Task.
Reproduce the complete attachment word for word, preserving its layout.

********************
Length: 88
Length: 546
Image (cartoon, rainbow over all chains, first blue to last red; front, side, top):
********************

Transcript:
Length: 88
Length: 546
Image (cartoon, rainbow over all chains, first blue to last red; front, side, top):